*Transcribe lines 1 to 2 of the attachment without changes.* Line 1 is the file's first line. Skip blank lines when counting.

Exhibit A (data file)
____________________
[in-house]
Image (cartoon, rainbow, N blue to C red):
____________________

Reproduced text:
[in-house]
Image (cartoon, rainbow, N blue to C red):